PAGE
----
Five years after Mercedes-Benz Stadium broke ground, is Atlanta’s Westside revival working?

Five years after Mercedes-Benz Stadium broke ground, is Atlanta’s Westside revival working?

Two preteen boys pushed bicycles through the streets of English Avenue one recent rainy, chilly afternoon. They paid little attention to the boarded-up yellow house beside them. It wasn’t much different than the hundreds of vacant houses that line nearby streets, with the exception of what was spray-painted across its faded plywood: “Devil Satan Rules the World.”

The ominous message is made more poignant in this landscape of fallow lots, abandoned street-side couches, and bungalows with caving roofs and collapsing porches. Amidst so much systemic poverty, you can’t help but notice the construction cranes and new high-rises in Atlanta’s core, a seemingly distant beacon of investment and affluence, just a few blocks away.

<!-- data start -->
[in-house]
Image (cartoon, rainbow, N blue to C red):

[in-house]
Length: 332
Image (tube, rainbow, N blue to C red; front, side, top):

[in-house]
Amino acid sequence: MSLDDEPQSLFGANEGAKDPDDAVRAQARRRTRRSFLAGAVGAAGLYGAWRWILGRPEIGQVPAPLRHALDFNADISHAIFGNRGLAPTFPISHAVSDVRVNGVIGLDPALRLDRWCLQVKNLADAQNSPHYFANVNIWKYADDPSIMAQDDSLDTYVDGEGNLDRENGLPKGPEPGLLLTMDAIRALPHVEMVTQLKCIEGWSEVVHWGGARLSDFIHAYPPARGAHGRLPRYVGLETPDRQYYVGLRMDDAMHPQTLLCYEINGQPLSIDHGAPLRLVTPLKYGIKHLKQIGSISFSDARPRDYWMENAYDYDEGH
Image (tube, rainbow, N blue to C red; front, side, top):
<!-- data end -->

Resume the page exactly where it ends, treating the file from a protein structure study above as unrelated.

The city’s most expensive new building of all, the $1.5-billion Mercedes-Benz Stadium, casts a striking presence from English Avenue and Vine City next door. Turn a corner, summit a ridge, peek through the barren branches of oaks—and suddenly the stadium is there, standing like a 30-story origami from outer space, emblazoned with the iconic badge of luxury German automobiles. After breaking ground in early 2014 and opening three years later, the Benz (alternately: MBS or “the new Dome” to locals in its shadow) is the architecturally amazing magnet that has brought Super Bowl LIII to Atlanta, its first in 19 years.

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